Walter’s Theory of Police

As a matter of definition Walter’s Theory of Police primarily states:

If you are traveling by car and see a police patrol car, the odds of you seeing another police car before your trip is over goes up by some tangible amount. If you see a second police car, your odds of seeing a third police car before the end of your trip increase again.

Basically, there’s a pattern of grouping of police cars in a particular area and during a particular time period. So, when you’re on the road, be careful when you see the first cop; expect to see another one.

I came up with this theory in 1976. If it’s ever in print somewhere else, fine. I don’t have a problem with other people having the same idea. I just thought you’d like to know.

Everyone who knows me knows my theory. I don’t particularly obsess over it, but everyone who travels with me knows this pet theory of mine. I realize of course that at some point in your journey, seeing a police car won’t invoke conditions where my theory can be tested. Naturally, if you’re pulling into your driveway and you see a cop car down the street, the theory won’t do much for you. Additionally, if the first thing you pass out of your driveway in the morning is a police station filled with cop cars, this theory also will not help you.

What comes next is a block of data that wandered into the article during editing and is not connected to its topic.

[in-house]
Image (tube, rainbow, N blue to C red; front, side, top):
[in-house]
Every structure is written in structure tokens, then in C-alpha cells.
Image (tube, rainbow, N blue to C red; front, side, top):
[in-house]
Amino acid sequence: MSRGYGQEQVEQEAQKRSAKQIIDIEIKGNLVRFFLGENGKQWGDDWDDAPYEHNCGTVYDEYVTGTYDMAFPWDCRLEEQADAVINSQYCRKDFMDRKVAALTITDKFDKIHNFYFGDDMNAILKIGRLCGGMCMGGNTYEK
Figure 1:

See a flaw in the implications of this theory?
Of course you do. There has been many questions asked of this theory :

  • What happens when you see a fourth? (Yep, the chance of seeing a fifth cop go up again.)
  • Eventually (if you keep seeing police cars on your journey):

    • That you’re a cop yourself? (Smarty-pants)
    • Does this mean your under arrest?(What, you have something to hide?)
    • You’ll pull down your street and see fifty cop cars all waiting for you?(Dude, chill out.)
  • What about funeral processions? Do cop cars escorting official processions count? (No.)
  • Do fire engines count? (huh?)
  • “I just saw one cop car on my trip today! Your theory sucks!” (Hey! It is my theory. Your mileage may vary.)

I’m not really obsessed with the theory, but I am convinced that at its core, the theory rings true.

What made me think about this was a TV show. There’s a new CBS network show called “Numbers” or “NUMB3RS” (It’s a geek thing) where the hero of the show is a mathematician. The mathematician works with his brother in the FBI to solve cases. (Hey, it’s TV, it could happen!) I enjoyed how, in the first (pilot?) episode, the FBI brother provides FBI provided statistics about criminalist cases, and the mathematician brother converts real world observations into seemingly abstract mathematical formulas.